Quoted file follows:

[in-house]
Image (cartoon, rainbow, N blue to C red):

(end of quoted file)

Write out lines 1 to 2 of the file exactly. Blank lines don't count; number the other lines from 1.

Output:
[in-house]
Image (cartoon, rainbow, N blue to C red):